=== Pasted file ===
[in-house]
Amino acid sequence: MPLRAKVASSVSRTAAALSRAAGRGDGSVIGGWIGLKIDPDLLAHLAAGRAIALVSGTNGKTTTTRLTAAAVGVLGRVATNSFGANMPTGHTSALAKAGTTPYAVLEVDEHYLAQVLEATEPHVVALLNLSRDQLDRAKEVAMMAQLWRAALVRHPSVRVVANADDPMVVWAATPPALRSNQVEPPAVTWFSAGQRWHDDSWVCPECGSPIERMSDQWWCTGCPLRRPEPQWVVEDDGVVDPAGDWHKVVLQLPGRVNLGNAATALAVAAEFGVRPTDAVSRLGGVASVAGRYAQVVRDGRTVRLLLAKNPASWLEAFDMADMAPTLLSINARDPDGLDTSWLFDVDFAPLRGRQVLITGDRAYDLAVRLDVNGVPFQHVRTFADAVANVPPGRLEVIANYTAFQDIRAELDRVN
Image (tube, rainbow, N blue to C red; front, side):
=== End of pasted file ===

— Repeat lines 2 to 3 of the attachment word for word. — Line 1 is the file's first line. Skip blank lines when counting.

Amino acid sequence: MPLRAKVASSVSRTAAALSRAAGRGDGSVIGGWIGLKIDPDLLAHLAAGRAIALVSGTNGKTTTTRLTAAAVGVLGRVATNSFGANMPTGHTSALAKAGTTPYAVLEVDEHYLAQVLEATEPHVVALLNLSRDQLDRAKEVAMMAQLWRAALVRHPSVRVVANADDPMVVWAATPPALRSNQVEPPAVTWFSAGQRWHDDSWVCPECGSPIERMSDQWWCTGCPLRRPEPQWVVEDDGVVDPAGDWHKVVLQLPGRVNLGNAATALAVAAEFGVRPTDAVSRLGGVASVAGRYAQVVRDGRTVRLLLAKNPASWLEAFDMADMAPTLLSINARDPDGLDTSWLFDVDFAPLRGRQVLITGDRAYDLAVRLDVNGVPFQHVRTFADAVANVPPGRLEVIANYTAFQDIRAELDRVN
Image (tube, rainbow, N blue to C red; front, side):